What do I expect from my own students? Well, if you’re one of my talented young (or less young) students, read on. If not, and you’re thinking about getting started, take a look at what I expect each week and what you can expect to work on at home.
At Each Lesson
Be on time and make sure you remember your instrument (duh) and all the music you are working on. Pay attention and write down (or have your parent do it) anything you need to remember in a notebook or journal. Better yet, record your lesson with your phone or a digital recorder.
Please be prepared. At each lesson, I will give you several items to work on each week. Hopefully you wrote them down. At the most basic level you will have three things that I expect to hear at every lesson:
- Scales – I probably assigned a key and maybe a special bowing for scales
- Exercise – I have my own that I use as well as the regular etudes. It may just be something as simple as some long bows or some finger movements I asked you to practice
- Repertoire – We will always be working on a song or piece – sometimes more than one at the same time.
I will always hear all three of these. There may be 4 or 5 things on your list. I might not get to all of them, but that doesn’t mean you can let them go.
At the end of the lesson, we will spend some time going over the plan for next week. One of us will write down the items that need work during the week. Because of busy schedules, we will make sure to confirm that you will be here (or maybe I have a performance) next week.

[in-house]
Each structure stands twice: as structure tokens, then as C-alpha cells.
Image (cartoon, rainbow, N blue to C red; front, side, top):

A Typical Practice Session
If you could practice every day, that is ideal. I certainly understand that in today’s world, students are spread very thin. There is school, sports, church, music, and then there has to be time to just be with friends and have a life. With that in mind, I ask that you try to at least practice five days each week. I urge you to also practice the day of the lesson, either before (to get ready) or after (preferred – to get started on the week’s work).
For an average beginning student, here is a good 30-minute practice session schedule.
Make sure the violin is in tune. This should take a few minutes only. Use a pitch pipe (often part of the violin rental package) or digital tuner (app on your phone). Make sure the strings are all in tune. More advanced students will learn how to actually tune one string and then the others by playing them together.
Practice scales to warm up. 10 minutes. Scales are like vegetables. They are not fun, but they are good for you. Make sure to focus on the keys that I wrote down in the lesson. Always go for two things – perfect intonation and great sound.
Work on your exercises/etudes. Each week I will ask you to do some sort of repetitive exercise or learn an etude. Spend 5 minutes on this part of the practice. Again, the focus is perfect intonation and great sound.
Spend the rest of the time on whatever piece(s) I have assigned. As you get more advanced, you will be working on smaller sections of a longer piece rather than just one short song. Make sure you have learned the notes well before you try to play through the piece. Playing wrong notes when you practice is really just practicing wrong notes. Don’t waste time. See my blog post on practicing smartly to help you get better, faster.
What if I can’t practice 5 days? Then practice four. What if I can’t practice 30 minutes? Practice 20. Just because I set up these guidelines doesn’t mean they are always followable. Life happens sometimes. It’ll happen with me too, especially around the holidays. Come December, I perform every weekend day from Friday til Sunday and most weekday evenings. I’ll try to get as many lessons in as possible, but there will definitely be a few missed ones. My schedule usually mimics the school schedule meaning, if there is no school, there are generally no lessons. Keeping in touch is important. I will send out email blasts with new information each week, so be on the lookout.